Loose Pass: Steady on Wallabies, ‘pathetic bitchiness’ and All Blacks, Ireland and England’s ‘obvious weakness’

Lawrence Nolan
The Wallabies and All Blacks both won over the weekend.

The Wallabies and All Blacks both won over the weekend.

This week we will mostly be concerning ourselves with match speed, coach/TMO/referee relations and the French revolution…

A marker of progress

A ‘golden era kicks off at last’ was one of the headlines written about Australia’s win over Wales at the weekend.

Hmmmm. Australia eased past a Wales side currently at the bottom of a vertiginous rebuilding process and currently ranked tenth in the world. They did so largely courtesy of a moment of X-factor brilliance and an extremely debatable TMO decision. Better than Wales the Wallabies were. A lot better they were not.

The better benchmark of all four teams that contested the first of Saturday’s Tests would be to compare match with match. Coming straight after the compelling viewing that was New Zealand v England, the second match in Sydney sometimes seemed to be played at about 80 per cent speed. Rucks in Dunedin were over faster. Passes zippier, forwards fleeter of foot and attacking shapes more dynamic. While both of the games were competitive and enjoyable, it was also hard not to juxtapose them and consider that if they were in a four-team league, you were watching the top two head-to-head, followed by the bottom two.

Despite all that, it is difficult to underestimate how important this win was for Australia. A car crash of a year in 2023, the subsequent dissolution of a Super franchise, a confident-looking British and Irish Lions on the horizon (not to mention the 2027 Rugby World Cup) and an A$89m debt have combined to leave Australian rugby staring into an abyss. Grabbing a win against anybody would have been a lift; against a country which gave the Wallabies a record World Cup pasting nine months prior will have been a big fillip.

It will mean nothing if not backed up this coming weekend, however, as well as with a good win against Georgia the following week. Then, and only then, we can talk about something golden.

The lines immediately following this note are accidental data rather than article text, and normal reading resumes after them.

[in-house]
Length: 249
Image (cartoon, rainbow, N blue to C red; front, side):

Choice words or chosen words

There was without a doubt a lot of referee decision debate to be had this weekend past. Were TMOs being to pernickety? Interfering too much? Not enough? Were some teams getting all the marginal calls over their opposition?

The answer to all four questions above is: absolutely. A couple of tackles and clearouts looked at the very least TMO-worthy, while the Welsh and Irish tries that were ruled out were both done so on the basis of actions which are seen and allowed week in, week out around the rugby world.

But none of the coaches really talked about it all that much? Andy Farrell said he wanted consistency, but he says that every week and it’s really not all that outlandish to say. Warren Gatland said he wasn’t sure about the decision not to allow a try made and lamented the fact that he was not getting the 50-50 calls, but those are also things every coach and player will say every week.

‘We would have felt aggrieved’ – Jaco Peyper weighs in on crucial TMO decisions during Springboks v Ireland

There’s euphemisms of course, but too much of the post-match this weekend past has focussed on asking coaches about referees when the initial comments didn’t go in that direction, then turning neutral statements into perceived euphemisms and then creating loud headlines about those euphemisms that barely existed.

We’re in an age of the belated realisation that referees are people too and really ought to be left alone to do what is a remarkably difficult job, yet the headlines keep going in that direction. It’s disappointing, even if it spares us the pathetic bitchiness of a sprinkling of pundits swinging fluffy verbal handbags at each other: also something of which there was far too much last week.

Yet to be honest, give us the bitches. Better that than pointing at referees in the wake of a weekend where every team on show had at least one obvious weakness to remedy.

Better still, better than either of those things, let’s actually pick apart the weaknesses. Wales are missing some X-factor and general pace and power. Ireland’s defence was slower than usual. Both Ireland and England struggled at scrum-time. New Zealand found England extremely hard to break down, which should worry them ahead of South Africa. All reasons for imperfection which were nothing to do with the referee…

The third degree

It ended up as a bit of a post-scriptum to the weekend for many, but the achievement of what was essentially a third-string French team should not be underestimated.

In a troubled week for the nation generally – and Melvyn Jaminet’s bizarre and asinine video fitted into the narrative of extreme and strangeness in France – the rugby team, shorn of 25-odd front-liners, comprehensively outplayed their near full-strength hosts with half a starting XV of debutantes.

For all the disappointment of France’s 2023 World Cup exit, none of the French fans should forget that the bulk of the side of 2023 will be back for another shot in 2027. And for those who are not back in 2027… well, Saturday showed the depths of reserves. Not since the New Zealand generation of c. 2005 onwards has a nation possessed such a deep well of talent.

READ MORE: Razor Watch: Out with the rust, attacking fix and employing a ‘Springboks tactic’ for Eden Park Test